Thursday April 5: Devon Peña

Since 1999, Dr. Peña has served in appointment as Full Professor of American Ethnic Studies, Anthropology, Chicana/o Studies, and the Program on the Environment at the University of Washington in Seattle. He directed and assisted in the creation of the University’s Doctoral Program in Environmental Anthropology (1999-2005).

Peña is also the founder and President of the Acequia Institute, a private non-profit charitable foundation established in 2006 to support the environmental and food justice movements. The foundation provides small direct to producer grants with a focus on women-led food justice projects. It also funds tuition scholarships for youth from acequia farm communities, and research fellowships to graduate students and early career professors and research scholars. He was involved in the development of the 2009 Colorado Acequia Recognition Law that has opened opportunities to protect open space and agricultural and ecological values important to the acequia way of life. TAI has launched a campaign for the establishment of the first campus of Calmecac/Colegio del Maíz in Viejo San Acacio to serve the next generation of indigenous agroecologists and work with at-risk urban and rural youth through our acequia farm mentors network and programs in mindfulness training, “irrigation meditation,” and restorative yoga.

The Acequia Institute is located on lands within ancestral Caputa Ute territory on the Sangre de Cristo Mexican merced, land grant (1844), and in the village of Viejo San Acacio. The 181-acre acequia farm was part of the extension granted to the founder of the Plaza de San Luis de la Culebra, Don Dario Diego Gallegos. We irrigate from the oldest continuously operating community ditch in Colorado, the San Luis Peoples Ditch (1852). The farm is operated as an ‘almunyah,’ a private grassroots agricultural extension service and research station. Our work is focused on ecological restoration of damaged riparian ecosystems and the revival and extension of indigenous knowledge and practice in soil biodynamics, permaculture, heirloom crop breeding, and seed saving. The entire farm is under a conservation easement that is the first in Colorado history to tie water rights irrevocably to use on the farm land.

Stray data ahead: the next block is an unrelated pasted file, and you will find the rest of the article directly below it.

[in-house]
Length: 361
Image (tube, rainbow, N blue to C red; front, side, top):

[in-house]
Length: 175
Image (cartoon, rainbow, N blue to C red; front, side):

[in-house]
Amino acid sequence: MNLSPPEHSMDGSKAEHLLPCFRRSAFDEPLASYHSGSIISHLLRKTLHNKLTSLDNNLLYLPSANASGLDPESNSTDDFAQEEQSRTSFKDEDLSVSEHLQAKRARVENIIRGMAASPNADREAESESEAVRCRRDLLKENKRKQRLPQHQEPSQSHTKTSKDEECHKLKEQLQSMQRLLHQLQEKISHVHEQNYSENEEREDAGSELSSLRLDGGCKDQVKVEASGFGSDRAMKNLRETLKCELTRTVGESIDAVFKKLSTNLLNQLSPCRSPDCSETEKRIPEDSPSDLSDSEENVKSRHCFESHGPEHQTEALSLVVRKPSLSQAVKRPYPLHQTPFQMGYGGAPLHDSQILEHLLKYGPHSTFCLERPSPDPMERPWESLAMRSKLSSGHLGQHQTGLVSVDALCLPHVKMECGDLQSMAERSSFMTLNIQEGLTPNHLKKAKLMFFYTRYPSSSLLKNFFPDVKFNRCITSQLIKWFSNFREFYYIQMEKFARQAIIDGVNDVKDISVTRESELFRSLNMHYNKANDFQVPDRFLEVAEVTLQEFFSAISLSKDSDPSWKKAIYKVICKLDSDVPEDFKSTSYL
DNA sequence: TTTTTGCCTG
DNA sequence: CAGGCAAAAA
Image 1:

A prolific author of several books, two encyclopedias, and numerous journal articles and book chapters, Dr. Peña’s most recent book is Mexican-Origin Foods, Foodways, and Social Movements: Decolonial Perspectives. The 440+ page book was just published by the University of Arkansas Press (September 2017). He is currently working on a two-volume book under contract with the University of Arizona Press focused on a 30-year study of acequia farms in Colorado and New Mexico; forthcoming in 2019-20.

Kevin De Leon – California Senate President Pro Tempore Emeritus

In many ways, Senator de León embodies the promise of America. From a childhood of poverty to community activism, to the upper echelon of the California Legislature, his respect and commitment to working families and the betterment of all Californians has never diminished.

Senator de León is the son of an immigrant mother who supported her family in the San Diego barrio of Logan Heights with housekeeping and other pick-up jobs. He was the first in his family to graduate from high school.

He attended U.C. Santa Barbara and graduated from Pitzer College at the Claremont Colleges with honors. He is a Rodel Fellow at the Aspen Institute and a guest lecturer at the University of Southern California. He has one daughter.

Before entering into politics, Senator de León served the public as a community organizer, taught English as a Second Language and U.S. Citizenship, and advocated for public schools.

During his five years at the California Teachers Association, Kevin fought for additional funding for “high-priority schools” in low-income neighborhoods, more school construction, and health insurance for children.

As a Senior Associate for the National Education Association (NEA) in Washington, D.C., Kevin advocated for more resources for schools in low-income neighborhoods. He fought against schemes to take funds from public schools through taxpayer-funded vouchers and   academic censorship in public schools.

Senator de León was elected by his colleagues to lead the Senate in 2014, making him the first Latino to hold that position in over a century. Senator de León served four years in the Assembly before his election to the Senate in 2010. He is the first person in California history to serve as the Chair of the Appropriations committees in both the Assembly and Senate.

During his time as President pro Tempore of the California State Senate, Kevin de León (D-Los Angeles) has led the 40-member Senate body to historic accomplishments that will improve the lives of Californians and the state’s environment and economy for decades to come.

Friday April 6: Martha Guzman Aceves

Martha Guzman Aceves was appointed Commissioner at the CPUC by Governor Edmund G. Brown Jr. on Dec. 28, 2016. She previously served as deputy legislative affairs secretary in the Office of the Governor since 2011, focusing on natural resources, environmental protection, energy and food and agriculture. She was sustainable communities program director for the California Rural Legal Assistance Foundation from 2005 to 2011. From 2006 to 2008, she worked with Swanton Berry Farm on human resources issues including a new employee-stock ownership program. She was legislative coordinator for United Farm Workers from 1999 to 2005, working on labor and environmental issues. In 2010 she co-founded Communities for a New California, a charitable organization promoting increased civic engagement of underrepresented communities. Guzman Aceves earned a Master of Science degree in agricultural and resource economics from the University of California, Davis.